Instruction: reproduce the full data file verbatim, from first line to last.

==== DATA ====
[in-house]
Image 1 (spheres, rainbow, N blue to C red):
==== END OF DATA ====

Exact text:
[in-house]
Image 1 (spheres, rainbow, N blue to C red):